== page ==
It cannot be stressed enough that your lawn mower may be one of the most important pieces of equipment you have contributing to the health and appearance of your lawn. Sure, fertilizer, watering, and weed control is important, but how your grass is cut and the working order of the lawn mower you use to complete that undertaking is also an important consideration. Here are some tips to make sure your lawn mower is working as well as it possibly can, and also that you know how to properly maintain the machine itself. First thing is first – make sure the lawn mower you have is not a cheaply put together machine. It does not have to be the most expensive mower out there, but you want to make sure you are not getting something that will have problems or might break often. Once you have chosen the right mower for your needs, become familiar with it. Just like a car, you need to read and understand the owner’s manual so that if anything goes wrong, you can recognize the problem and know how to remedy it. At the beginning of every season (assuming you will not be mowing as much during the winter months), you will want to make a list of everything that needs to be checked checking the oil, spark plugs, and air filter. Again, the owner’s manual will be a great help in checking these areas so you know what to look for and what signs may be present letting you know there is something wrong. The oil should be a light color and should not have anything floating in it. If the oil is dark or contaminated, it should be removed and new oil should be put in. If the spark plug needs exchanged, this is an easy fix. New spark plugs are inexpensive and can be easily switched out without taking up a lot of your time. Lawn mower maintenance experts recommend replacing the spark plugs every 1 to 2 years. The air filter should be relatively clean. Just like the air filters in our cars and furnaces, a dirty air filter can lead to low performance. The filter should be replaced each year to ensure your machine is working at its best. There are some aspects of lawn mower maintenance that should be left to the professionals. Scheduling a tune up at the beginning of mowing season would be a good idea. They can check all the items listed above, but will also be able to make sure everything is in place and functioning properly by performing diagnostic tests. They will also be able to sharpen your mower blades to ensure a precise, clean cut. Dull mower blades are bad for your grass because they rip and tug at the blade instead of slicing it, causing unnecessary trauma to your lawn. It is not unheard of to sharpen your own mower blades, but it is recommended to leave this specific task to the professionals. It may seem like a no-brainer, but cleaning the undercarriage of your lawn mower is also an important part of your maintenance routine. It is absolutely important that you make sure you disconnect the spark plug before performing this task. You do not want the mower to suddenly and unexpectedly start up while you have your hands in there. Once you have disconnected the spark plugs, use a wire brush to clear any debris. Finally, at the end of mowing season, perform a quick check on everything listed above before storing the mower for the winter. You should drain the gasoline, leaving the tank empty during the off season and use fresh gasoline in the spring.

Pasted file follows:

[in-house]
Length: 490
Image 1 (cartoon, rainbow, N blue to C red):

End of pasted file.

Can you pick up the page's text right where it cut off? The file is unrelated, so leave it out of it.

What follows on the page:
March 10, 2017